Direct Debits: Shadow Shopping Exercise, a review into the operation of clause 20.1 of the Mutual Banking Code of Practice, March 2011 (PDF, 498 KB, 21 pages)

Our shadow shopping review assessed Code Subscribers’ compliance with clause 20.1 of the Code. This clause requires Code Subscribers to stop or cancel a direct debit facility linked to a customer’s transaction account promptly on request by that customer.

Seven out of ten subscribers surveyed provided incorrect or inadequate advice though their call centres on this issue. When we retested the sample four months’ later, we found a 10% improvement in practices. We made several recommendations, including that Code Subscribers:

  • Ensure appropriate information is available for staff to understand key obligations and processes required to stop a direct debit facility linked to a transaction account.
  • Increase staff awareness of the impact of incorrect advice, particularly on customers experiencing financial hardship.

Review of Part B of the Code: ‘Commitment to comply with the Code’, March 2011 (PDF, 648 KB, 25 pages)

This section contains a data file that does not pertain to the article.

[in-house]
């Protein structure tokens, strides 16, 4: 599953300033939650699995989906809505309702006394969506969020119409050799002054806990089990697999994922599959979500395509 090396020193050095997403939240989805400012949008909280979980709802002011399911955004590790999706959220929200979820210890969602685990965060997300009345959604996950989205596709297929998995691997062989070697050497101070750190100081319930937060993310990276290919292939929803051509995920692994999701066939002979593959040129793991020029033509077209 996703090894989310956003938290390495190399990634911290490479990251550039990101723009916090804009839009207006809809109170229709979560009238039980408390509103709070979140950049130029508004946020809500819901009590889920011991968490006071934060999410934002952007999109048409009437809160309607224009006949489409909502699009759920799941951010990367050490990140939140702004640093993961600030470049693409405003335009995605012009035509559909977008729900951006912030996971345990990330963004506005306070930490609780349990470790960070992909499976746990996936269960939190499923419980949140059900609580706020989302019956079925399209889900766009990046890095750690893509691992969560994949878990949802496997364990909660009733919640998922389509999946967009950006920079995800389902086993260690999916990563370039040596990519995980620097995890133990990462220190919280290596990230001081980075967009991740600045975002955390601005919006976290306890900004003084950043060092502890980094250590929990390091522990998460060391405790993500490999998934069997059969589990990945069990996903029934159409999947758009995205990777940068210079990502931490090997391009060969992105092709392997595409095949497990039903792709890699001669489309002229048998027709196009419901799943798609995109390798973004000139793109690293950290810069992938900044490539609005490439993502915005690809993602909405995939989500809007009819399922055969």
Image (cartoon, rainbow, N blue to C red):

We examined 109 Code Subscribers’ compliance with Part B of the Code, which requires them to refer to the Code in their terms and conditions for products and facilities to which the Code applies.

We reviewed how the Code was embedded in website-based documents, including terms and conditions, product disclosure statements and privacy statements. Just under a third of subscribers were fully compliant while a quarter used either the former Credit Union Code of Practice or a mixture of the current and former Code in their terms and conditions documents.

We recommended that subscribers review their websites and all terms and conditions-related documents and links to ensure the Code was incorporated in the relevant terms and conditions for products.


Visibility and Access: An examination of web-based information available to members relating to the Mutual Banking Code of Practice, internal dispute resolution and external dispute resolution, May 2010 (PDF, 2 MB, 36 pages)

We reviewed 101 Code Subscribers’ websites to assess information available to customers on the Code, internal dispute resolution (IDR) and external dispute resolution (EDR). In each of these areas, “visibility” and “accessibility” are key requirements under the Code to ensure customers can raise complaints and disputes.

Results identified good and poor practices. 43% of websites did not meet basic standards regarding visibility and accessibility. Only 23% of websites had the necessary information visible and accessible for a customer to find within a reasonable time.

We made several recommendations, including that subscribers:

  • Advertise that copies of the Code are available through branches or via mail on request.
  • Feature brief information about IDR and EDR procedures on the “home” or “contact us” page with a link to a separate complaint page.
  • Review websites against the World Wide Web Consortium’s standards.